Wednesday, February 15, 2012

What's New in HTML5 - Week of February 13, 2012


Each week I conduct market research on HTML5 and its impact on enterprise mobility and post the best of the articles I find here with a brief synopsis.  I hope you find it useful and interesting.
  
Google has launched two new HTML5-powered apps for offline reading of documents, one for the Chrome browser and one for Android.  Read original content

The upcoming BlackBerry 10 OS will include HTML5 support.  Read original content

Developer productivity tool provider ComponentOne, has released a 2012 version of Wijmo, a “kit of UI widgets for HTML5 and jQuery development.” Read original content

One advantage of HTML5 is that it helps search engines recognize media content.  Native apps cannot be searched, so using an HTML5 app is a better option if it is important that your content be seen by as many people as possible. Read original content

Facebook is testing a bookmark for the HTML5 platform at the top of the app’s news feed, to help garner attention and build interest in the developer community.  “This effort is of obvious importance to anyone developing mobile apps and considering whether to build HTML5 versions of those apps. If it catches on, mobile technology will be substantially freed of the shackles of vendor control.” Read original content

Apple’s iOS has the edge over other mobile devices when it comes to HTML5 support, according to Sencha’s senior director of product development.  Google, however, is making strides in the right direction with Android 4. Read original content

Videos of sessions from Microsoft’s HTML5 web camp are now available.  The sessions available to view consist of topics including an introduction to HTML5, an overview of HTML5 graphics, adding video and sound with HTML5, and using HTML5 today. Read original content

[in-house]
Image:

The new Chrome for Android browser replaces Flash with HTML5.  Google’s long-term plan is to replace the Android stock browser with Chrome.  “The biggest advantage for mobile HTML5 though will be the ability to bring Chrome tools to the Android platform.” Read original content

HTML5 developers can find helpful resources from SAP’s Developer Center for UI Development for HTML5.  The site provides guides, a download trial for the HTML5 toolkit, and access to an integrated SAP developer network. Read original content

HTML5 video is evolving, but there are still limitations such as the inability for full-screen playback in most browsers/devices and currently no full featured accessibility in any browser/device.  LongTail Video has compiled a report that is now available titled, The State of HTML5 VideoRead original content

When deciding whether to focus on native apps or mobile web, businesses should take into account their target market.  Users are split between the two for accessing content on their mobile devices, according to data from comScore, which showed 47.6 percent using native apps, and 47.5 percent using the mobile web.  If the target market uses multiple devices, it may be more efficient to use the mobile web, rather than developing a native app for each device. Read original content


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Kevin Benedict, Independent Mobile Industry Analyst, Consultant and SAP Mentor Volunteer
Follow me on Twitter @krbenedict
Full Disclosure: I am an independent mobility analyst, consultant and blogger. I work with and have worked with many of the companies mentioned in my articles.